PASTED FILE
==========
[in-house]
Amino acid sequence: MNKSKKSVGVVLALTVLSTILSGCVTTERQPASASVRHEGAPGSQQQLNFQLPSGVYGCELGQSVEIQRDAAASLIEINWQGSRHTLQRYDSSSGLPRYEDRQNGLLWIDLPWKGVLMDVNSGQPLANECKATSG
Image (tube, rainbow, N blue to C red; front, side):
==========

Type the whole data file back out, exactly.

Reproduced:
[in-house]
Amino acid sequence: MNKSKKSVGVVLALTVLSTILSGCVTTERQPASASVRHEGAPGSQQQLNFQLPSGVYGCELGQSVEIQRDAAASLIEINWQGSRHTLQRYDSSSGLPRYEDRQNGLLWIDLPWKGVLMDVNSGQPLANECKATSG
Image (tube, rainbow, N blue to C red; front, side):